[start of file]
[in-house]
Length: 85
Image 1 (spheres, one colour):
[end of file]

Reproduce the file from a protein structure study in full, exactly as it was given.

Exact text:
[in-house]
Length: 85
Image 1 (spheres, one colour):